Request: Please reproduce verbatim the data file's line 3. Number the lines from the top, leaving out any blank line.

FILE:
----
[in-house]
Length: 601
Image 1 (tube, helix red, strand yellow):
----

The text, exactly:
Image 1 (tube, helix red, strand yellow):